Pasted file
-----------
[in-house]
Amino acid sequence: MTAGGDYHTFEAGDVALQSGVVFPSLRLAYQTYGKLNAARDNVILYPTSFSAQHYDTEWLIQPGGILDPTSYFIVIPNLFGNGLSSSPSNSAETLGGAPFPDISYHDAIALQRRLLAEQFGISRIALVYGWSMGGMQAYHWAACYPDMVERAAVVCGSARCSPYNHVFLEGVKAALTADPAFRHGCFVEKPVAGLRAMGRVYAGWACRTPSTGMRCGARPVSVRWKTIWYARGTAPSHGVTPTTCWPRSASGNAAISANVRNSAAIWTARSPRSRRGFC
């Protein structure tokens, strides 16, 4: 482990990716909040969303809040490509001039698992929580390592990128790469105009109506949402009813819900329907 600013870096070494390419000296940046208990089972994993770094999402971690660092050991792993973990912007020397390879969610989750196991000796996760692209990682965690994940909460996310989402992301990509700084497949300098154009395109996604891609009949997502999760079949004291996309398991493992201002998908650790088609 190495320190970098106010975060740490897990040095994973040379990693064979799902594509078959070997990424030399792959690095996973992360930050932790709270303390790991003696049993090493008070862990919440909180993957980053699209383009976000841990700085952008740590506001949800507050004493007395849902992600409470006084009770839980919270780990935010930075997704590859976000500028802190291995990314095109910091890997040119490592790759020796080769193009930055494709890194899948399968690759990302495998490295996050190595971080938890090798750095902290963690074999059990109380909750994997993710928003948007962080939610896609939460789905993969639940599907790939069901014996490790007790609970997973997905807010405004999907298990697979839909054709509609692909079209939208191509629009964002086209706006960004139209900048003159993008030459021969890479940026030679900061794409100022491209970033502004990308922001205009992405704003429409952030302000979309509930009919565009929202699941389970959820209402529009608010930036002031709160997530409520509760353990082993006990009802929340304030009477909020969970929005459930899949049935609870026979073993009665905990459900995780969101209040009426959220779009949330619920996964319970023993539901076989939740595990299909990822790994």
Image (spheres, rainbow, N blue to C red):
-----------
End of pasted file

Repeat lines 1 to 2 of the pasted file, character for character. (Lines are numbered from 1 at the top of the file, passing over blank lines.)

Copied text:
[in-house]
Amino acid sequence: MTAGGDYHTFEAGDVALQSGVVFPSLRLAYQTYGKLNAARDNVILYPTSFSAQHYDTEWLIQPGGILDPTSYFIVIPNLFGNGLSSSPSNSAETLGGAPFPDISYHDAIALQRRLLAEQFGISRIALVYGWSMGGMQAYHWAACYPDMVERAAVVCGSARCSPYNHVFLEGVKAALTADPAFRHGCFVEKPVAGLRAMGRVYAGWACRTPSTGMRCGARPVSVRWKTIWYARGTAPSHGVTPTTCWPRSASGNAAISANVRNSAAIWTARSPRSRRGFC